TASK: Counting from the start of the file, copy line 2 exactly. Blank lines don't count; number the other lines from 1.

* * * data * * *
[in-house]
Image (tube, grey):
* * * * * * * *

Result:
Image (tube, grey):